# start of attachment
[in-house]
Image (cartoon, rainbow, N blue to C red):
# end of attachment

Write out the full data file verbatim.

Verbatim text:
[in-house]
Image (cartoon, rainbow, N blue to C red):